Zombie Vs. Shark!? Top 5 Italian Zombie Movies by Brandon Engel

The Daves would like to once again welcome Brandon Engel to this site with his continuing retrospectives, this time covering Italian zombie films!

Zombies have long captured the attention of horror movie fans worldwide. George A. Romero, director of Night of the Living Dead, may have started modern zombie madness, but Italian directors offered unique twists with their own contributions to the genre.

If you dig seventies exploitation movies, and you haven’t seen many international releases, you’d be wise to scope out vintage Italian zombie films, particularly those directed by guys like Lucio Fulci and Jorge Grau. Here are the top five Italian zombie movies.

 zombiecover-001 copy

  1. Let Sleeping Corpses Lie (1974)

Directed by Jorge Grau (who also recently contributed to The ABC’s of Death), this film features a decidedly anti-macho protagonist. Manchester, England, provides a deceptively calm setting for the film’s irradiated undead hordes. The film begins with George riding his motorcycle into town amid nude hippie streaking and the destruction of George’s motorcycle by a bad driver named Edna. George demands that Edna drive him to his rural home, and zombies soon enter the scene after the two encounter pest control professionals experimenting with radiation to kill grasshoppers. Although almost comical, this premise also helps create an anti-establishment theme appropriate to the early 1970s social climate (and to zombie films in general). Run-ins with police and shocking plot twists occur as George and Edna work to clear her sister of false murder charges while zombies maraud Manchester in force.

  1. Nightmare City (1980)

This Umberto Lenzi film is the first undead flick with fast-moving zombies. A classic radiation leak at a nuclear plant occurs in an unnamed city, and the designer of the plant travels to the site to placate the locals. Journalists are waiting at the airport when a camouflage plane arrives only to be surrounded by gun-toting security personnel. After the newly zombified designer and dozens more undead emerge and dominate the security force, the journalists narrowly escape. Martial law is established, and the journalists try to warn the public on television before trying to fight their way out of the chaos.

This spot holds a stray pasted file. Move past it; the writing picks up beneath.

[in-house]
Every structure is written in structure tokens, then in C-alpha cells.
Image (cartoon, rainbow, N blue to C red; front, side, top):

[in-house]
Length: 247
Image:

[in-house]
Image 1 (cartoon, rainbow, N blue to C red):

1. City of The Living Dead (1983)

Directed by Italian horror master Lucio Fulci, this movie depicts a New England town called Dunwich (an obvious nod to H.P. Lovecraft), where a doorway to hell opens after a priest commits suicide. Soon, zombies roam and other supernatural horrors begin to escalate. A journalist and a woman who are linked psychically to the event work together to close the door before the situation grows out of control. A foggy, dreamlike atmosphere and shocking yet artistic images, often riddled with maggots and plenty of trademark Italian gore, accompany the progression to the movie’s unforgettable climax. The film has historically done well in the home viewing market, and more recently, DirecTV subscribers have been able to catch the film somewhat frequently on El Rey Network.

  1. The House by The Cemetery (1984)

Also directed by Lucio Fulci, this film portrays a journalist who moves with his family from New York City to a small town in New England to investigate a murder. Replete with Fulci atmosphere, the plot picks up as the young son receives a supernatural warning that the family should stay away. The family is soon terrorized by gruesome visions, off-putting townspeople and even bat swarms. The man of the house, still in journalistic mode, steadfastly refuses to leave as he works to figure out what secrets lie behind the bizarre occurrences.

  1. Zombi 2 (1980)

Fulci’s finest. Inspired by the success of Dawn of The Dead, which was released as Zombi in Europe, “Zombi 2” is completely unrelated to the Romero film that preceded it. A scene featuring a zombie fighting a shark in Caribbean waters is easily one of the most memorable zombie scenarios of all time. The film follows a woman named Anna who enlists Peter, a journalist, to help investigate the disappearance of her father. Upon traveling to the tropical island of Maful, Anna and Peter encounter a scientist who worked with Anna’s father to find a cure for a deadly local illness that brings people back from the dead. The juxtaposition of a tropical paradise with voodoo and a heavy atmosphere of doom creates a zombie adventure without match. The film still shows regularly at midnight screenings throughout the world.

Advertisements

Leave a Reply

Fill in your details below or click an icon to log in:

WordPress.com Logo

You are commenting using your WordPress.com account. Log Out / Change )

Twitter picture

You are commenting using your Twitter account. Log Out / Change )

Facebook photo

You are commenting using your Facebook account. Log Out / Change )

Google+ photo

You are commenting using your Google+ account. Log Out / Change )

Connecting to %s